Q. David talked a little bit yesterday about some obligations. He feels like he has to take his game to cities that haven't seen him. Do you feel like that is part of your obligation to this game?
TIGER WOODS: Well, I try to. I try and play as many new tournaments as possible, but then again, I can't get into too much of that because if I do, I will burn myself out and I am not only any good to the people in that city but I am no good to myself. You've got to balance it out; make sure you do visit new cities; play new golf courses, and get some excitement stirred up. And travel around the world, I like -- I'd rather play more abroad than play new tournaments in the states because I am more curious of seeing more different -- basically different cultures because I was raised in two different cultures, and I am always curious to see how people in different countries live. Yeah, that is what I try and do, but you can get burned out here. You can't burn the candle at both ends in trying to play too much.
Q. Do you have any kind of five-year plan, try and touch as many --
TIGER WOODS: I don't. I make it up year to year based upon where the majors and now the World Golf Championships fit, and just make sure you are always ready and full of enthusiasm when the big ones come up.
Q. You mentioned getting breaks at Augusta; playing things off the slope. In addition to the rough this year, if you did hit an errant tee shot, do you still feel you come out with the breaks if you are on the second cut?
TIGER WOODS: Depends how it comes out. I know the rough is, what, 1 3/8; fairway is 3/8 so just an inch, but then again, an inch makes a lot of difference in how the ball is going to come out. You have got to judge it; make sure you line the ball properly. I think you are going to see more guys land the ball a little shorter if they are in the rough and try and kill it in some slopes. Certain holes that are going to be particularly difficult, if you miss the fairway like 5, most guys hit anywhere between 3-iron and 6-iron to that green. You miss the fairway there, with that huge embankment of mound in the front, you can't land the ball up on top and expect it to stop. You are going to have to try and roll it up and sometimes it doesn't always roll up.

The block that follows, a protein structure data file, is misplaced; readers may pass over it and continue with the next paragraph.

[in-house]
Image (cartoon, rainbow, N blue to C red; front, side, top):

Q. Speaking of those obligations, have you caught much flak from not defending Atlanta?
TIGER WOODS: No, I haven't. I let out a press release last year and they understand. Obviously the people who are running the tournament are disappointed, but then again what I tried to explain to the tournament director and other people who are involved in the tournament is that I won the tournament, yes, but I also committed to a tournament that was three weeks after The Masters. Historically I have always taken that week off. I just needed sometime to get ready. It is sad that I am not going back and I am kind of bummed out that I am not because I like that golf course. But I can't burn myself out and expect to play well at The Masters.
Q. Have you and Duval ever talked about this whole idea at this stage in both your careers; now the majors are becoming the priorities for both of you?
TIGER WOODS: I think both of us understand that is what we want and ultimately that is where you need to be is to win a lot of major championships; that you'd rather win like what Mark did last year. Obviously David won four times, but what would you rather have, four wins or two majors? That is what we want to do, and both of our games are shaping up into that, and it is just a matter of time before David wins a major.
LEE PATTERSON: Thank you. We appreciate your time.
TIGER WOODS: You got it, Lee.
End of FastScripts....